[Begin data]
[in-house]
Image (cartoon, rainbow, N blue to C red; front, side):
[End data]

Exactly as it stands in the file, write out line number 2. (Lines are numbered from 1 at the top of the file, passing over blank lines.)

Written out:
Image (cartoon, rainbow, N blue to C red; front, side):